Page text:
7 Essential Tips for New ESL Expats

Hey everyone, just thought I’d share some super helpful tips that I couldn’t have come up with without the delightful, always smart and optimistic people at Dave’s ESL cafe. Here we go!


1) Complain about the country

Yeah, I made this one.

Yeah, I made this.


Do people do things differently than you’re used to back home? Tell everyone! Don’t let a moment go to waste! Your schedule will overflow long into the evenings with people from far and wide, eager to hear your tales of valour amidst adversity.Your nights will be filled with perfect laughter. People push on subways? Man, that’s terrible. Tell me more! People stare at you? Some peoples’ children… Trust me, the quickest way to make friends here is to tell everyone just how much you can’t stand dealing with the differences of living abroad and making a decent wage while living rent free. Better yet…


2) Write a blog about it


Oh no, I’m not talking about a blog with any relatable content where you examine the culture in juxtaposition to yourself in a meaningful way that would lead to fond memories and personal growth. That stuff is for chumps. I mean, bang out 2000 or so words about going to the beach with your friends. Make sure you include the hilarious story about how the taxi driver said ‘beachee’. Oh man, that cracks my shit up! And when you leave your usual haunts…


3) Always go through tour groups to super amazing stuff.


You’ll fit right in.


Seriously, what better way to explore the country in all its richness than paying someone else to drive you to a place you could bus to easily, but with an itinerary rich in banality! Awesome. You definitely couldn’t come out to Seoraksan on your own. It’s a good thing that there are people willing to do that up right for you. It’s good to get out and explore, and better when you get shuttled around by a group ‘leader’, that is usually ‘inspired’ by the free trip and beer money. It’s all good though, I’m sure a few of you already agree with me on how awesome these trips are, and you’re well on your way to telling me how right I am about how spot on convenient they are. Besides, it’s a great opportunity to…

4) Make Friends with other Foreigners, Avoid the Locals.


Hey man, it’s hard making friends with people abroad. Making friends with people whose first language isn’t English requires time, patience, and any number of minor inconveniences. Plus, the locals don’t like to involve you in their day to day minor annoyances. WHAAAT? You bet it ain’t me! I love hangin’ out with just foreigners, especially right out of Uni. My people. Yes, you haven’t done a trip properly until you’ve swilled a warming Beer at 4am while hearing Karen belt out “if he loves me, why is he sleeping with her?” to Chris, the affable nitwit next to her. Classic Karen. Classic Chris! Why miss Uni when you never even have to leave it?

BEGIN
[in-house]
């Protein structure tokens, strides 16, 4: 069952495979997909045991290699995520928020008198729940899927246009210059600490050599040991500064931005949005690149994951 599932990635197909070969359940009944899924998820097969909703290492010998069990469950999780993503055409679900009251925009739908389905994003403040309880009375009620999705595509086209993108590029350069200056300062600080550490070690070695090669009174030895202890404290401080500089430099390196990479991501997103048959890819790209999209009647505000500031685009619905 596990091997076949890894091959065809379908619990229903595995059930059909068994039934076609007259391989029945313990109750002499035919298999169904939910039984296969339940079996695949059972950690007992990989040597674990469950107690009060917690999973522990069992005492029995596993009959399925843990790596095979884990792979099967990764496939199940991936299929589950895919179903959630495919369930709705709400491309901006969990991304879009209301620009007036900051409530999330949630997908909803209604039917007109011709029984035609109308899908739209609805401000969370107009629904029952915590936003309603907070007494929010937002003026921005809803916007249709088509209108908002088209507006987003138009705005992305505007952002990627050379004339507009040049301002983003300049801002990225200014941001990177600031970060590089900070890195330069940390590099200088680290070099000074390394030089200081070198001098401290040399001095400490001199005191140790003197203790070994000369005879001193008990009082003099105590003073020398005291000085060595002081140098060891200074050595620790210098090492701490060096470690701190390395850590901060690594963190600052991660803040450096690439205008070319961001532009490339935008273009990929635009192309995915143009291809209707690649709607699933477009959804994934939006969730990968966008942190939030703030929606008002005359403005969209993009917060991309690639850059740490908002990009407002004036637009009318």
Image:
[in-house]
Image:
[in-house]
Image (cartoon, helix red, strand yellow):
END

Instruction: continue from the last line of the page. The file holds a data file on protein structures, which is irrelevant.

5) Save Money by Not Seeing the Country .



I mean, if you don’t live in a major city, go there a few times. But all the other places? That’s ridiculously tedious. I’m quite sure everywhere worth going to will be revealed to you by festival or travel group. Plus, going different places means meeting different kinds of people, a total buzzkill for making hasty generalizations. The worst. Plus, drinking in the same bars every week close to your house isn’t something you can just do back home. Make it count while you’re here!

6) Learn a Few Words of the Local Language, But No More


Don’t go crazy and try to have a conversation. Learn a few choice words and repeat them in all situations, regardless of their relevance. Don’t even worry about pronunciation, they’ll figure it out. “Excuse me sir, please don’t touch that”.  “Only tuna, sir. Ol’ mayo?”. All of your friends will be super impressed that you know, like, so much Korean. You’re only gonna be here for a year, why bother? Right? Right. What are you gonna use it for later?

Think long term: In a long enough timeline, we’re all dead. So don’t burden yourself with learning the language of the country you’re living in. Stop being so concerned with how people see you, your country, or influences how people treat you down the road. So, let ’em know who’s boss by refusing to spend a moment of your time learning it. Or, up the ante and

7) Help the Locals learn English by Refusing to Speak Their Language



You’re here to teach English right? Well, the best way to show these people how important it is to learn English is to refuse to speak any other language to them. Say mean things in English when you know they can’t understand. I mean, it’s their fault that they offered you a job here knowing you couldn’t speak it, right? Ugh. Why don’t they just all speak English to me? It would make your time much easier. Plus, there’s nothing the slightest bit arrogant or bigoted about pushing my English monolingualism around. They should all just learn English. Just power through. Talk slower and louder, that should do the trick.

8) After you’ve done all this, your finest art will be…



to go home and miss it. Immediately go to the liquor store and demand liquor from that country . Tell the clerk that the selection of that beverage is ‘sub par’, or otherwise watch yourself act out just how intent you are on showing off your new found knowledge. Take bottles of it to parties like that time your friend went to Jamaica and only drank and talked about Red Stripe for 6 weeks. Really go on about how great it was to everyone.

Get home, sit down and relax. Realize that it’s absolutely true. You do miss the time you had in this country. It was a great opportunity and you grew a lot as a person.


As usual, feel free to yell at me below or on social media.


 Special thanks to Malachi Malta from Living in Korea for Expats for his contribution to the editing process.